• Figure 12 illustrates the display driver rendering of shared fonts feature of the present invention. In a Windows® application environment, a user may choose fonts according to a descriptive name, point size, weight, etc. Windows® selects a font type which is the closest match to the requested font type. A user of a Windows® application may install any fonts they choose and hence different users may have different font resources. Given two different PC's, and hence possibly two different selections of fonts, a client system 11 may display text in different fonts than that of a host system 14. In addition, a list of characters on client system 11 may not match the list of characters and corresponding font type in host system 14. In addition, if the host user moves the cursor on host system 14, the cursor on client system 11 may not appear to be in the same position as the cursor of host system 14 due to differing font types. Normally, the graphic device interface and the Windows® application retrieves either the selected font type or the font type that is the closest match from its font resource file on its disk and feeds it to its display driver. In order to solve this problem, the font information retrieved from host system 14 is compressed and transmitted directly to the display driver of client system 11 bypassing the graphic device interface of client system 11. Client PC 11 is then able to display the font as selected on host system 14 without having the selected font type in its font resource files on its disk.
  • Figures 13a through 13d are general flow charts illustrating the above described display driver rendering of shared fonts feature of the invention. Figures 13a and 13b illustrate the host system side activities. In block 380, text drawing with a chosen font is initiated on a shared application. In block 381, an internal table containing information all the display driver capabilities is modified to indicate that the display driver only has the required set of minimum functions and does not have any optional functions. In block 382, the sensor application of the host system calls the display driver to produce the local display. In block 383, if draw mode information have not been cached, a communication packet containing the draw mode information is created. In block 384, this communication packet containing the draw mode information is transmitted to the client system. In block 385, if textXform information have not been cached, then a communication packet containing the textXform information is created. In block 388 the textXform communication packet is transmitted to the client system.
  • In block 340, the selected font is examined if it is a new font, not in the font cache of the host and client systems. In block 341, if the font selected is indeed a new font then a communication packet containing the new font information and the current size of the font is created. In block 342, the communication packet containing the font information and current size of the font is transmitted to the client system.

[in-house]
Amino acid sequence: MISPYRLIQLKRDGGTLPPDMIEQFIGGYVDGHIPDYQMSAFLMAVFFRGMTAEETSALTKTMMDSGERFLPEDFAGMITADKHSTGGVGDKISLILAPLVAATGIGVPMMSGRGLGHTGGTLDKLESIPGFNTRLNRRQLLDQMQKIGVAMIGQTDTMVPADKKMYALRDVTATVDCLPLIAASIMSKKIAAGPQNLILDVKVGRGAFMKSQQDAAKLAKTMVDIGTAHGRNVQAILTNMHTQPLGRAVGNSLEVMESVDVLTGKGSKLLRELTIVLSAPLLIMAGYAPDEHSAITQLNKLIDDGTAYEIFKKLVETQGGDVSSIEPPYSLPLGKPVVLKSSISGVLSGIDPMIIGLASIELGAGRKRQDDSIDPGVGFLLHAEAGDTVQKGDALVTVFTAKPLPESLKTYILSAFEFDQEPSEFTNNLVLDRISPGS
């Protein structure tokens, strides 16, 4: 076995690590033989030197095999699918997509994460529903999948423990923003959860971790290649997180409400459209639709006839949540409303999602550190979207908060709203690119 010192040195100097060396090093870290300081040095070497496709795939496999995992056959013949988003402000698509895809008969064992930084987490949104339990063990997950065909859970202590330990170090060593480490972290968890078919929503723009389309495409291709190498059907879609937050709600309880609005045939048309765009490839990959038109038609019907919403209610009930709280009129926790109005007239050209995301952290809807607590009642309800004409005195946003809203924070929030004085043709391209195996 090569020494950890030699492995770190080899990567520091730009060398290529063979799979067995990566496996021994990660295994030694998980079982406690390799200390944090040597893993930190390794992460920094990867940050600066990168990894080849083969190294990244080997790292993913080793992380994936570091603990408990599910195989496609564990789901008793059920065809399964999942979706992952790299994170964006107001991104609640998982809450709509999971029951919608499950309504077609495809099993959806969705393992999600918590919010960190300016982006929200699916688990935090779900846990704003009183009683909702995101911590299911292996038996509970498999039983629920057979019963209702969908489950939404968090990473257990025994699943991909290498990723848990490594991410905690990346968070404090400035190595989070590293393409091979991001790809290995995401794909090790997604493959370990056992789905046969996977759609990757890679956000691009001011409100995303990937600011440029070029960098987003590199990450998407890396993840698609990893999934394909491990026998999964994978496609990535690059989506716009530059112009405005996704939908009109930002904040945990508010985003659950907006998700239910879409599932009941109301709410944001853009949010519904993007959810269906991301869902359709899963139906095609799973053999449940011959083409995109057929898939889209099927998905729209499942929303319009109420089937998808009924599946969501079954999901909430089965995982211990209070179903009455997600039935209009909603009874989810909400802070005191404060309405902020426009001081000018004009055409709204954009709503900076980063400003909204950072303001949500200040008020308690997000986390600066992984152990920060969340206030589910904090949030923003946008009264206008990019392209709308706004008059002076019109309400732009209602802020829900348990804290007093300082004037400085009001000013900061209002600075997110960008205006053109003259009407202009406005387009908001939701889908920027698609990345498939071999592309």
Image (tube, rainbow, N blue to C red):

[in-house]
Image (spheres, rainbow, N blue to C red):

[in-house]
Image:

• In block 343, each character in the string is examined to see if they have been transmitted to the client system before. Some fonts are created incrementally as new characters are used by the application. In such a case, just these new characters may be transferred to save time. In block 345, if all the characters in the string being transmitted have been transmitted before, then in block 346, a communication packet for a text output operation is formatted. In block 347, a communication packet containing the text output information is transmitted to the client system.
  • Back in block 345, if there is any character in the string to be transmitted to the client system which has not been transmitted to the client system before then in block 350, a blank font glyph communication packet is initialized. In block 351, for each character that has not been transmitted to the client system before, that character's rasterglyph information is added to the font glyph communication packet in a meta font format of the present invention. In block 352, for each character that has not been transmitted to the client system, the character's glyph bits are copied into the font glyph communication packet. In block 353, the font glyph communication packet is then transmitted to the client system.
  • Figures 13c and 13d are general flow charts illustrating the client system side of the process involved in the display driver rendering of the shared fonts feature of the present invention. In block 400, the client side holodeck application receives the communication packet containing the draw mode information and stores the draw mode information in its cache. In block 401, the client side holodeck application receives a communication packet containing the textXform information and stores the textXform information in its cache. In block 402, the client side holodeck application receives the communication packet containing font information and the current size of the font of the text being transmitted from the host system. The client side holodeck application then allocates a memory block to store the font and glyphs information transmitted from the host system. In block 403, a copy of the font information from the communication packet is then stored to the memory space allocated in the client system by the holodeck application.